Tuesday, August 28, 2018

Brazil Day 4 and 5 - Getting to the Pantanal

After another nice breakfast, at around 8AM we said our goodbyes to the folks at Fazenda Bacury and Carlos Henrique drove us back to Sao Paulo for our flight to Campo Grande.

As I mentioned before, Carlos is a great guide and we highly recommend him to anyone coming to the Sao Paulo area for birds, herps or even mammals.

The notorious traffic in Sao Paulo wasn't bad at all until we got to within viewing distance of the domestic airport.  It took a little over 3 hours to get there from Bacury but another 45 minutes to go a matter of a few blocks.  It was ridiculous but we had plenty of time before our flight so there was no stressing.

After an uneventful GOL flight and 30 minute taxi ride, we arrived at the Hotel Prime Deville in Campo Grande.  It was now 2 PM (since we gained an hour from Sao Paulo) and we were pretty hungry.  So, we ordered some sandwiches from room service which were very good.

At around 4PM, we met Peggy and Bill and walked a few blocks to a nearby park.  Our future Pantanal guide, Stefan, who lives in Campo Grande recommended a visit to this park which is officially called Parque das Nações Indígenas.  It's huge with lots of walking paths and we saw a surprising amount of wildlife including Capybara, Coati, Azare Agouti, Burrowing Owls, and quite a few other birds.

Where's a Capybara crossing sign when you need one:
Capybara in the Park

Capybara Sunset:
Capybara Sunset

We had drinks and dinner at the hotel.  Both were good when they finally arrived but the service was excruciatingly slow.  It took over half an hour to get our drinks and the bar wasn't even crowded.  But, since we had no where else to go, we just chatted and waited.  Once dinner was over we retired early for the evening to catch up on sleep and prepare for our long journey to the Pantanal tomorrow.

The next morning we were up early since we had arranged to meet Stefan at the hotel at 7AM.  One of the reasons for going back to the Pantanal was to see Stefan who was our guide at Barranco Alto on our previous trip to Brazil.   We really hit it off last time and wouldn't think of anyone else guiding us on this trip.  This time, we booked him to guide us at Baia das Pedras AND Barranco Alto.  He would have to use all his patience to put up with us for 9 days!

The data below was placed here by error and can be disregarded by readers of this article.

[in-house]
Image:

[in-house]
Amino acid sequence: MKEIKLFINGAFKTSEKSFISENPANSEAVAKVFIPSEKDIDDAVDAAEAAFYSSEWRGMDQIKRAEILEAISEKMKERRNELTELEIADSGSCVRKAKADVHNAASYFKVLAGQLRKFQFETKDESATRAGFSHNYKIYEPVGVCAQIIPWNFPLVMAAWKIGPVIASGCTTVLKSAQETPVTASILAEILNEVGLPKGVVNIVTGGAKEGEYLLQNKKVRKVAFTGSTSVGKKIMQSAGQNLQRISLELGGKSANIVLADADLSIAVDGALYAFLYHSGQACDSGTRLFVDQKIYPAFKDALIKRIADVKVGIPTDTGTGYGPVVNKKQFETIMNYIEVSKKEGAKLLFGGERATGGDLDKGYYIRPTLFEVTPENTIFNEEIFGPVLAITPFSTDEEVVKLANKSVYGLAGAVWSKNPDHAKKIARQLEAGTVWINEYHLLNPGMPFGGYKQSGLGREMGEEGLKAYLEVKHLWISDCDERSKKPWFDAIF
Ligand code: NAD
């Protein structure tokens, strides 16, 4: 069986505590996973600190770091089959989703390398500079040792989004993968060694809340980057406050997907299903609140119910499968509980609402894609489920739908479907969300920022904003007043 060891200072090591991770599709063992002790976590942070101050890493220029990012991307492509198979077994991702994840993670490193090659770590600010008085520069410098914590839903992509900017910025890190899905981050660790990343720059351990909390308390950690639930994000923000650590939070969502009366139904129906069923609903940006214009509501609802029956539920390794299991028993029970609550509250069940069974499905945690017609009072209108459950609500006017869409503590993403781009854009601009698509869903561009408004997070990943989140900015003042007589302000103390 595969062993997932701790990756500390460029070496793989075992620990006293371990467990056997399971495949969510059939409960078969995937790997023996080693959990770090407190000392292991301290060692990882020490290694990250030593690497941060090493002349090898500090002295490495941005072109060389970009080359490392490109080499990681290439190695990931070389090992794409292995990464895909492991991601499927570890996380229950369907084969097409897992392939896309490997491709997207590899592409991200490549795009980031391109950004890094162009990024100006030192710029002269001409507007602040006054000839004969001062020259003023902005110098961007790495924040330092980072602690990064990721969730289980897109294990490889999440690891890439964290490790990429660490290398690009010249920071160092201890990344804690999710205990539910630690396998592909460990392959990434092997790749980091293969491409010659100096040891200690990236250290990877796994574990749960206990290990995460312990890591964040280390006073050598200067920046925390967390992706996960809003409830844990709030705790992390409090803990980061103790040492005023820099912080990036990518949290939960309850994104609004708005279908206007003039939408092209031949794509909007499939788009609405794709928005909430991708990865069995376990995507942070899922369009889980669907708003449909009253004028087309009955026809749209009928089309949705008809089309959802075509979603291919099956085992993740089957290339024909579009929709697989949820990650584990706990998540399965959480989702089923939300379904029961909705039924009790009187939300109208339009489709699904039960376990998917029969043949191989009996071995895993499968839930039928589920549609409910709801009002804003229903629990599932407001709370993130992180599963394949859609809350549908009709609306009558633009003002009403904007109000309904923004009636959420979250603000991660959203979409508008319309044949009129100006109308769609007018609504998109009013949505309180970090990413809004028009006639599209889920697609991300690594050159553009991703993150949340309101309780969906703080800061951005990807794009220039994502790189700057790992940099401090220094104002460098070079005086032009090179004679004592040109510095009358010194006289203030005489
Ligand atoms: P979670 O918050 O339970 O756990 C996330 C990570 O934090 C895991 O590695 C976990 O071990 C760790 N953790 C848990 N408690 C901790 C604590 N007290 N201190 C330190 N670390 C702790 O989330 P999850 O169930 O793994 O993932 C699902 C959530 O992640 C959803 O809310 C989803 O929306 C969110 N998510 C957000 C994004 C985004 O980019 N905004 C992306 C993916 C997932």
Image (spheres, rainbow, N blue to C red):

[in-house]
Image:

Of course, Stefan was right on time as was the transfer vehicle Baia das Pedras had booked for us. After introductions, warm greetings, and hugs we watched as our driver Jefferson tried to load all our luggage into and onto the truck.  He eventually did it, but it was a really tight fit and poor Bill volunteered to take one for the team and sit in the far back chair.  Luckily, it was only supposed to be a 6 to 7 hour drive!

In actuality, the drive was less than 6 hours because we arrived at Baia das Pedras (which I will call BdP from now on) at 1:30PM and didn't leave Campo Grande until about 7:30AM.  That included a few GREAT stops along the way and I don't mean just the pee breaks which were GREAT in their own relief inducing way...

There are really 3 sections of road you drive on.  About 2.5 hours on paved roads, 2 more on graded dirt roads and 1.5 on dirt tracks that would be a stretch to call a "road".  The scenery driving into the Pantanal is very nice but the reason we decided to drive in was to maximize our chance to see wildlife. So, even on the paved sections of road our senses were on alert for wildlife. 

After around two hours, and still on the paved part of the road, we spotted a Giant Anteater.  So, there was lots of yelling to stop.  But, Jefferson explained through Stefan that he couldn't stop on the paved road at all.  It was too dangerous.  But, that he could stop once we got beyond the paved road and onto the dirt roads.  Once we heard this, a collective groan went up (OK, maybe only I groaned).  But, we understood and hoped that wouldn't be the only Giant Anteater we would see.

Well, we didn't have to worry about that because not long after starting on the dirt road we spotted another one.  This time Jefferson stopped and we all got out to get closer looks.

Giant Anteater in the Grass

It was on the other side of a fence, mostly back lit, and in some tall grass so getting good pictures was challenging.  Interestingly, if you didn't see it from the side, you might not even know what it was if you were driving by quickly.

Giant Anteater Head On

This encounter made us quickly forgot about the one we didn't stop for but I was still secretly hoping for an even better encounter.  After all, that's why I came back.

Not long afterwards I got my wish and my whole trip was made.  We spotted another Giant Anteater and this one was on the good side of the light.

Distant Giant Anteater

So, we hopped out of the car where Stefan gauged the wind.  After deciding we were downwind he asked if we wanted to get closer.  A more hearty collective "YES!" you will never hear.  So, we climbed through a fence and got to within maybe 50 yards of it.  It paid no attention to us and just started wandering closer.

Giant Anteater Moving Closer

And closer...

Getting Really Close...

It got so close that I could no longer get the entire animal in the frame at 200mm.  So, I went for some closeup shots like this one which really show its claws.

Look at that Claw